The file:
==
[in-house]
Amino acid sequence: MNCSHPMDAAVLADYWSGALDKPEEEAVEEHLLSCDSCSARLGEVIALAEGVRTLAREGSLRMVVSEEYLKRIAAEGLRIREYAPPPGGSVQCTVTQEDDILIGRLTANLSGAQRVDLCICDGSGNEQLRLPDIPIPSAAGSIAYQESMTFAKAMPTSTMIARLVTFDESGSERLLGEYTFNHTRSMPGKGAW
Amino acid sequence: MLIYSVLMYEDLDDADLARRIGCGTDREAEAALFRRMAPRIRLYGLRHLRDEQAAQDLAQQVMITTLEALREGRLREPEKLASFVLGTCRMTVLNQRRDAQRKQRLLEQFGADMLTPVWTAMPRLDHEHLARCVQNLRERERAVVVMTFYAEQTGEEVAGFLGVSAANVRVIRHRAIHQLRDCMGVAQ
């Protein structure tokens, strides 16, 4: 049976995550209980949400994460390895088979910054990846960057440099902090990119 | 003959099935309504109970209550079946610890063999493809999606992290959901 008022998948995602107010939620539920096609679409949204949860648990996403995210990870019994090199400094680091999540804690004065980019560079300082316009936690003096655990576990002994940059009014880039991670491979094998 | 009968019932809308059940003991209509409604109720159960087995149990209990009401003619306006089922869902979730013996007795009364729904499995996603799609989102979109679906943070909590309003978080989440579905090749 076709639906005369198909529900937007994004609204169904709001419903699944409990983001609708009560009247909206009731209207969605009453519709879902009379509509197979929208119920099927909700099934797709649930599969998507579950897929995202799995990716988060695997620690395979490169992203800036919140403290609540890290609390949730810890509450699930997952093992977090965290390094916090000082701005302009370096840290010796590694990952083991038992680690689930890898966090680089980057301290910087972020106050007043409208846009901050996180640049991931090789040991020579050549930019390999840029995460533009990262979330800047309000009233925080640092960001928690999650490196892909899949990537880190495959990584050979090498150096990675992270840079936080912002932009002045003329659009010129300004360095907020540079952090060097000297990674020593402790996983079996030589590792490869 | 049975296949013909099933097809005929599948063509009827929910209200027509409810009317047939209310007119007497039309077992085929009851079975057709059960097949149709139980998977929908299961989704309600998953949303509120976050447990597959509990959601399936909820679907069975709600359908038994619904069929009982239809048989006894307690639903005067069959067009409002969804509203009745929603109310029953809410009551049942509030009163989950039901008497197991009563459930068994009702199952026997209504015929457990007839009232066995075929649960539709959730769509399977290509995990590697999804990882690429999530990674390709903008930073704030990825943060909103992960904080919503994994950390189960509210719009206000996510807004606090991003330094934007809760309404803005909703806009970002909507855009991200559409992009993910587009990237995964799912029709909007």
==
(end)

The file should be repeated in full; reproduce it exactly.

[in-house]
Amino acid sequence: MNCSHPMDAAVLADYWSGALDKPEEEAVEEHLLSCDSCSARLGEVIALAEGVRTLAREGSLRMVVSEEYLKRIAAEGLRIREYAPPPGGSVQCTVTQEDDILIGRLTANLSGAQRVDLCICDGSGNEQLRLPDIPIPSAAGSIAYQESMTFAKAMPTSTMIARLVTFDESGSERLLGEYTFNHTRSMPGKGAW
Amino acid sequence: MLIYSVLMYEDLDDADLARRIGCGTDREAEAALFRRMAPRIRLYGLRHLRDEQAAQDLAQQVMITTLEALREGRLREPEKLASFVLGTCRMTVLNQRRDAQRKQRLLEQFGADMLTPVWTAMPRLDHEHLARCVQNLRERERAVVVMTFYAEQTGEEVAGFLGVSAANVRVIRHRAIHQLRDCMGVAQ
């Protein structure tokens, strides 16, 4: 049976995550209980949400994460390895088979910054990846960057440099902090990119 | 003959099935309504109970209550079946610890063999493809999606992290959901 008022998948995602107010939620539920096609679409949204949860648990996403995210990870019994090199400094680091999540804690004065980019560079300082316009936690003096655990576990002994940059009014880039991670491979094998 | 009968019932809308059940003991209509409604109720159960087995149990209990009401003619306006089922869902979730013996007795009364729904499995996603799609989102979109679906943070909590309003978080989440579905090749 076709639906005369198909529900937007994004609204169904709001419903699944409990983001609708009560009247909206009731209207969605009453519709879902009379509509197979929208119920099927909700099934797709649930599969998507579950897929995202799995990716988060695997620690395979490169992203800036919140403290609540890290609390949730810890509450699930997952093992977090965290390094916090000082701005302009370096840290010796590694990952083991038992680690689930890898966090680089980057301290910087972020106050007043409208846009901050996180640049991931090789040991020579050549930019390999840029995460533009990262979330800047309000009233925080640092960001928690999650490196892909899949990537880190495959990584050979090498150096990675992270840079936080912002932009002045003329659009010129300004360095907020540079952090060097000297990674020593402790996983079996030589590792490869 | 049975296949013909099933097809005929599948063509009827929910209200027509409810009317047939209310007119007497039309077992085929009851079975057709059960097949149709139980998977929908299961989704309600998953949303509120976050447990597959509990959601399936909820679907069975709600359908038994619904069929009982239809048989006894307690639903005067069959067009409002969804509203009745929603109310029953809410009551049942509030009163989950039901008497197991009563459930068994009702199952026997209504015929457990007839009232066995075929649960539709959730769509399977290509995990590697999804990882690429999530990674390709903008930073704030990825943060909103992960904080919503994994950390189960509210719009206000996510807004606090991003330094934007809760309404803005909703806009970002909507855009991200559409992009993910587009990237995964799912029709909007």